Kevin Young met his wife April when she invited him to a Girls Choice dance in high school. April was too shy to talk before the dance, so they exchanged notes. In one, she revealed her dream to move to Africa and live among cheetah. On their first date, April confessed that she did not dance. No matter, her Africa dream alone won Kevin’s heart.
They studied at BYU where April did her Master’s studying black bears, and then at Utah State University in Logan for Kevin’s PhD research on lizards. “We went down the evolutionary ladder.” Academic life often requires moving for positions. Kevin taught in Yuma, AZ for five years and the family recently moved to Del Rio where he has a three-year position teaching biology to current and prospective schoolteachers at Sul Ross State University Rio Grande College as well as Southwest Texas Junior College.
When Kevin moved from a 4-year university, he realized he had to adjust his expectations to the realities of community college. “Southwest Texas Junior College is typical of small, border-town community colleges that I have seen. The students often come from low-income backgrounds—most receive Pell Grants. Most are first-generation college students. There are hardly any men; it’s more than 80% female. Field trips are difficult because many of them have young children. With so many demands on their time, it can be hard to distinguish between students who are actually trying but just lack a skill set and those who may simply not care. It is hard to get them to communicate, to come to my office for help.”
Kevin related the story of his first class at a community college. He was proceeding with his lecture, writing on the white board, when he realized the students were simply sitting, watching him. No one was taking notes. He had to explain that taking notes might be a useful way to recall what he was saying.
Kevin struggles to find the balance between college-level curriculum and his students’ capacity. “Every once in a while a student catches fire. But that is rare. I am supposed to teach a college level class, but they generally aren’t ready for that. We have this giant textbook, but they can’t read it well. A chemistry teacher I spoke with says he teaches to the one or two who are capable and loses the rest. I can’t do that—I want to help all my students. What am I supposed to teach? I am in education, but I think the system is broken, and I have not figured out the answers.”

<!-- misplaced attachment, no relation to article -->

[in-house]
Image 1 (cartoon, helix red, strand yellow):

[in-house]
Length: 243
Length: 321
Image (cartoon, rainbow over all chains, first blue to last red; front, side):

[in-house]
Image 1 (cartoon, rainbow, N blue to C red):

The educational struggles that Kevin describes are nowhere evident in his home. His eldest, Megan, is a freshman at Brigham Young University. April homeschools their other children: Ian, Erin, and Dallin. Each is articulate and engaging well beyond their grade level. Teenager Ian described fractals to me and quoted Nikolai Tesla. Erin has primary custody of the household dog, cat, serpent, scorpion, tarantula, and savannah monitor lizard. Dallin is just a sharp seven-year-old who beat us all at cards.
Despite the challenges Kevin is experiencing, he finds much to recommend his new community. “I like Del Rio. The pace of life is slower than anywhere I’ve lived and people are very friendly. The other biologist I work with still collects specimens and we get to teach traditional classes like mammalogy and ornithology. Few campuses are doing that anymore. Everywhere else, its cellular biology, data and statistics.”
He also realizes that teaching at a community college level is an important challenge. “Somehow you hope to lift the community.”
How will we live tomorrow?
“I think the general trend is positive. I think we’ll be more connected and realize that other people’s problems are my problems too.”